That being said, summer is fading FAST (title is a reference to a song I heard playing in H&M Saturday while doing my Labor Day weekend shopping) and I'm trying to enjoy every minute I have left. Tomorrow I am heading back to school for Chancellor's Conference Day & my first real day as my school's Lead Teacher for math. Because I am a lead teacher, I only have 3 sections this year and NO CIRCULAR 6, which I am both happy and sad about (happy because NO CIRCULAR 6!). As a Lead Teacher, I will be overseeing math education in 6th, 7th and 8th grade and working with teachers to reach the educational needs of all students. I'm really nervous about this role, so I will definitely be updating you guys throughout the year on my progress. 

Happy last day of summer, NYC teachers! Here's to a successful 2014-2015 school year! 

Wednesday, June 25, 2014

And Year 3 Comes to a Close!

I can't believe I'm saying this, but tomorrow is the end of my 3rd year of teaching in the NYC Department of Education and at my middle school in the South Bronx. So much has happened this year and it was truly eye-opening to see how much each of my students have grown academically (in terms of their math skills), socially and interpersonally throughout the past ten months. 

I've become so close to many of my students and it's evident  how much they trust me when they beg me to be their teacher next year (at all of the different high schools across NYC that they will be going to!) and throughout the year when they seek my counsel, ask about my personal life and open up to me about their personal lives. My students helped me validate all of the reasons that I chose to become a inner-city math teacher and it is truly sad to have to say goodbye to my amazing 8th graders. 

The end of the year is always an exciting time, from school pep rallies to the annual field day to "senior" trip to "senior" prom to "graduation"... and it brings true closure to a year of hard work and dedication. For teachers this year in NY, this year has not been without struggles. As Common Core has fully kicked into effect in the DOE, the stress and pressure are on for NYC teachers, principals, STUDENTS and parents.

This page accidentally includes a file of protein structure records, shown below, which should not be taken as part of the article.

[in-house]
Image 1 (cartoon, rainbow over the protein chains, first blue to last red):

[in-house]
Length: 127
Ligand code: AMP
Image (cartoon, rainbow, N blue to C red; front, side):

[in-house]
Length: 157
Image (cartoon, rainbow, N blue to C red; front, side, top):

All in all, I couldn't have asked for better colleagues or better students. Good luck in high school to all of my students in Room 203!! 

As for me next year, I will be a (newly tenured!) Lead Teacher at my school. That means that I will not be teaching 5 classes a day, but rather 3. The two teaching periods that I have been relieved from will be used to work with other math teachers at my school and share my expertise with them in an effort to improve teaching practices across the board at my school's math department. This is bittersweet for me, as I am certainly in awe of how much of an expanded, albeit indirect, difference I can make in all of my school's students and I definitely love the additional $10,925 (plus the raise & hard-to-staff school differential earned from the new contract) provided by the position, but I know I will miss teaching for the full day and I will miss being able to make a large direct impact on the lives of my students. Because I am teaching only 3 courses, I will be splitting the honors-level Integrated Algebra course with another teacher, I will take 1 section & he/she will take the other 2 sections (I find out tomorrow!). The remaining 2 sections will be 8th grade math.